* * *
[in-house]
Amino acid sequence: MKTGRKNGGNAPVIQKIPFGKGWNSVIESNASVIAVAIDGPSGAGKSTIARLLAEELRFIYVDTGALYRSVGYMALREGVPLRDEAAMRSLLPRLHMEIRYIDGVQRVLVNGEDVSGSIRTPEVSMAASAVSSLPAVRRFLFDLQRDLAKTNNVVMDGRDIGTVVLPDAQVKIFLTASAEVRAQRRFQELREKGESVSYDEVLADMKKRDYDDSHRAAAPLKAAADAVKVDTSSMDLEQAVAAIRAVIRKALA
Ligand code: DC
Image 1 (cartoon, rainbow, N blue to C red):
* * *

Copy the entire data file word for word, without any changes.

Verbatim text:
[in-house]
Amino acid sequence: MKTGRKNGGNAPVIQKIPFGKGWNSVIESNASVIAVAIDGPSGAGKSTIARLLAEELRFIYVDTGALYRSVGYMALREGVPLRDEAAMRSLLPRLHMEIRYIDGVQRVLVNGEDVSGSIRTPEVSMAASAVSSLPAVRRFLFDLQRDLAKTNNVVMDGRDIGTVVLPDAQVKIFLTASAEVRAQRRFQELREKGESVSYDEVLADMKKRDYDDSHRAAAPLKAAADAVKVDTSSMDLEQAVAAIRAVIRKALA
Ligand code: DC
Image 1 (cartoon, rainbow, N blue to C red):